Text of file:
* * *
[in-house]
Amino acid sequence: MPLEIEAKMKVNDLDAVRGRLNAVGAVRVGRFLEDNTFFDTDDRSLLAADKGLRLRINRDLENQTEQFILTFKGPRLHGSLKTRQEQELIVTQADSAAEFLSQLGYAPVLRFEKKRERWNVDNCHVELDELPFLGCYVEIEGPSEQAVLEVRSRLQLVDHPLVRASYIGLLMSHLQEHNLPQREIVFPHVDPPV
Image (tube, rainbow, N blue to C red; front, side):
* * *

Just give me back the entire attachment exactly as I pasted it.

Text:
[in-house]
Amino acid sequence: MPLEIEAKMKVNDLDAVRGRLNAVGAVRVGRFLEDNTFFDTDDRSLLAADKGLRLRINRDLENQTEQFILTFKGPRLHGSLKTRQEQELIVTQADSAAEFLSQLGYAPVLRFEKKRERWNVDNCHVELDELPFLGCYVEIEGPSEQAVLEVRSRLQLVDHPLVRASYIGLLMSHLQEHNLPQREIVFPHVDPPV
Image (tube, rainbow, N blue to C red; front, side):